Remember those posters that said, “Today is the first day of the rest of your life”? Well, that’s true of every day but one - the day you die.
Dongwoo’s new Twitter account is : @inspiritddww
정말 미안해요 ㅠ 너무 오랜만에 계정을 만들어서… 나름 메일 등록하고 했는데 이제야 되었네요!~.~ 이제 대화의 장을 열어봅시다 냐하 흐흐 힘내라는 여러분모습이 유난히 더 귀여워 보이는 오늘입니다 캬캬 왜 더 귀엽지!?!?
I’m really sorryㅠ I’ve taken so much time to create a new account… I did register with my email address but it…
time for some jewelry meta!! for ninon, a wealthy woman, jewelry is a form of expression. but to the audience, her jewelry choices are also important to her character and storyline.
the very first time we meet ninon, she explains the meaning of her wren necklace: that it symbolizes freedom. she’s also wearing a choker that seems to be made of freeform designs; it’s a simple, personal piece. interestingly, she isn’t wearing that choker when she visits the palace only an hour or so later (pic 2). i’ll come back to that later.
when milady dresses ninon later (pic 3), that choker is swapped out for a new one that ninon wears for most of the rest of the episode. it’s a dazzling piece that features a cross — obviously, a symbol of the church. most importantly, milady puts the choker on ninon. milady is collaring ninon with the symbol of the cardinal (pic 5).
throughout this private scene with milady and ninon, the wren pendant is deliberately hidden. the pendant appears again in full view when ninon is on trial, and then when milady confronts ninon in jail after betraying her (pic 4).
in the critical scene when milady returns to ninon’s cell and proposes the cardinal’s deal, the pendant is seen in only one shot, when ninon is accusing milady of treachery and refusing anything the cardinal says. once milady threatens ninon’s students, however, ninon accepts the deal and all glimpses of the pendant disappear (pic 6). as ninon becomes fully at the mercy of the cardinal, we can only see the cross choker that milady put on ninon, and aramis’ necklace.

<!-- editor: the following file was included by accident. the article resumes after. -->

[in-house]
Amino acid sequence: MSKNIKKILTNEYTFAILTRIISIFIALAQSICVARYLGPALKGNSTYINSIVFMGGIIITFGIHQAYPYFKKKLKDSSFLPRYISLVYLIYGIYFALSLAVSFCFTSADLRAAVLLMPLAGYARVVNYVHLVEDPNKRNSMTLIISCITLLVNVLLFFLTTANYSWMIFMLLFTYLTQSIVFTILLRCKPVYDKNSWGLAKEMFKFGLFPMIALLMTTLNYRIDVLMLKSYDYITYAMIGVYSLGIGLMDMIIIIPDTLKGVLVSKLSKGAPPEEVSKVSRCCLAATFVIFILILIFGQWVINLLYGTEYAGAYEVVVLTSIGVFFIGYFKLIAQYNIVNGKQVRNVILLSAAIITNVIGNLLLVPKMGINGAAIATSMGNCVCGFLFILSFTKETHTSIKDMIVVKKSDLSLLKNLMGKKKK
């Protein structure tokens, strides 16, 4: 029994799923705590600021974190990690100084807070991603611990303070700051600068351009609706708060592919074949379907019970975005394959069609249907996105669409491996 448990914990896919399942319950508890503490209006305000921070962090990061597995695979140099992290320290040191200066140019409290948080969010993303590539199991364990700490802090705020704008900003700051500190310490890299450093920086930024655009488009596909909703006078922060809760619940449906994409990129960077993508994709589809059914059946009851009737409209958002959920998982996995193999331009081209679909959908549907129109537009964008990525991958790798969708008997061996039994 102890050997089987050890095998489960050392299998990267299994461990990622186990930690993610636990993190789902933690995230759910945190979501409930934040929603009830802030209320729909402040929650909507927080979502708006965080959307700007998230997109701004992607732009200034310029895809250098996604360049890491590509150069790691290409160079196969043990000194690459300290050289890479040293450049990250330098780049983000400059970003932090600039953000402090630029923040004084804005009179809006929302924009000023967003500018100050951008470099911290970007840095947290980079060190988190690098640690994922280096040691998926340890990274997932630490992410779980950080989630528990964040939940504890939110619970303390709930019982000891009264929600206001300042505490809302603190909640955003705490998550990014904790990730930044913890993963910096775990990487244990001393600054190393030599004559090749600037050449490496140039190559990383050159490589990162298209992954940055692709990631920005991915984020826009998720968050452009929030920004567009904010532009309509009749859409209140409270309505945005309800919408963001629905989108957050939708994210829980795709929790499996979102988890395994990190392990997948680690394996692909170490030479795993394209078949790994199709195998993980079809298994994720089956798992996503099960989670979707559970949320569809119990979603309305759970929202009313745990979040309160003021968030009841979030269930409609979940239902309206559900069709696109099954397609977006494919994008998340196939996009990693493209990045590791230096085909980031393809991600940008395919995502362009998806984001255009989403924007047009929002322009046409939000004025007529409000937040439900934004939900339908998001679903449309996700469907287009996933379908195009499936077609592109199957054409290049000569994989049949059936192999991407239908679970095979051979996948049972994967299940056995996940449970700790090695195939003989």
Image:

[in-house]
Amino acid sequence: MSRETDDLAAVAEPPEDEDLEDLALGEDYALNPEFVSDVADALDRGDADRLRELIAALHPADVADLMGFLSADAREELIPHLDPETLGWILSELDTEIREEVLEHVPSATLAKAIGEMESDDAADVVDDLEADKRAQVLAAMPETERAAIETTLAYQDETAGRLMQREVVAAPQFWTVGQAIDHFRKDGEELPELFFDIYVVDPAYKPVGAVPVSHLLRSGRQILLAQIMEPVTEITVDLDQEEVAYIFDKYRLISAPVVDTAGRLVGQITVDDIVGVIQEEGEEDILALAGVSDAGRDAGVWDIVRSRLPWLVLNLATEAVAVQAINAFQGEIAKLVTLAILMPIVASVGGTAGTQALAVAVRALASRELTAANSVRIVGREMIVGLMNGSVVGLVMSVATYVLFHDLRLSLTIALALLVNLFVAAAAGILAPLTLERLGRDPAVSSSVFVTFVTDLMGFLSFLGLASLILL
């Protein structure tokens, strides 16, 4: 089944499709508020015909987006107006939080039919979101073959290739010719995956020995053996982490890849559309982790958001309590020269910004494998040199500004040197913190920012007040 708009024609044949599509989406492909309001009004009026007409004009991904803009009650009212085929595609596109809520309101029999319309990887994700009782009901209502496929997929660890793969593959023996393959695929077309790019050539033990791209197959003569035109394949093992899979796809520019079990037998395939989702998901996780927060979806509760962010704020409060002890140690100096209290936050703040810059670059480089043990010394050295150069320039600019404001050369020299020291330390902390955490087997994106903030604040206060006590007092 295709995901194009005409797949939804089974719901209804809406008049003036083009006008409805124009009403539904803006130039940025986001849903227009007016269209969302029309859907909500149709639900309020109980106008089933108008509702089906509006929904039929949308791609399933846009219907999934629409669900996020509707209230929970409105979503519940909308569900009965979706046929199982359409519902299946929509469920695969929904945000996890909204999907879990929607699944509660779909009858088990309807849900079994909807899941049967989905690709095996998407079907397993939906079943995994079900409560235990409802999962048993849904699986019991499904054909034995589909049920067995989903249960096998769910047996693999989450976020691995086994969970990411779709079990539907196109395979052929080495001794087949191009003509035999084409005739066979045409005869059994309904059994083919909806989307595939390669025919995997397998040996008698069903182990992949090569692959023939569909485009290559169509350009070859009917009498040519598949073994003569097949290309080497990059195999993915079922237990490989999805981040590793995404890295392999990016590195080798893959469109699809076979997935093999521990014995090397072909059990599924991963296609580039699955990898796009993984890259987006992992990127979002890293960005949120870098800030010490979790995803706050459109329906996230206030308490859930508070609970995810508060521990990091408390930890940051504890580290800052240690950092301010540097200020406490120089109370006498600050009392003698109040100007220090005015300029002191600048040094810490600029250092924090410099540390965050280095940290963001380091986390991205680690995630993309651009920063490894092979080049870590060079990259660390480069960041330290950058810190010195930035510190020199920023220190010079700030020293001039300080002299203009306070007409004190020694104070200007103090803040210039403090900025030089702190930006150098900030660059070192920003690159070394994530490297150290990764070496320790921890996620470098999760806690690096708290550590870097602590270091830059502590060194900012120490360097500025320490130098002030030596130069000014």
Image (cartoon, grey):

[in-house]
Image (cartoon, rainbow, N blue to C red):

ah, yes, aramis’ cross. ninon wears the necklace from her trial scene (3) all the way to her execution (7). after she accepts milady’s deal, she takes off milady’s choker and leaves only aramis’ necklace.
however, if only the choker symbolizes the church, then she would have kept the choker on until the end. the cardinal’s influence over ninon was stronger than ever at the time of her execution.
aramis may have good intentions, but symbolically, his gift displays the control he has over her. ninon is only saved by the musketeers solving a mystery (one that has to do with church politics, i might add), which gives them the leverage to strike a deal with the cardinal and stop ninon’s execution. as men, the musketeers have more bargaining ability than ninon. as men, they have more control over her life than she does. how many times have women tried to protest a lie or advocate for a cause, only for a man to pick up the rallying cry and be heard and believed by other men? that’s what’s happening to ninon. although aramis’ necklace was a kind gift, it only highlighted how ninon’s life was decided by men, good or bad.
it’s true that aramis gave it to ninon as a gift, a sign of his support; and the necklace originally came from the queen, who later supports ninon and advocates for her to be freed. nevertheless, the cross is mainly the symbol of the cardinal — more accurately, it is the symbol of the church. the repeated scenes of the cardinal touching his cross pendant, and the episode’s sub-plot of church politics, convince me that ninon wearing the cross is another way of showing the church’s control over her fate.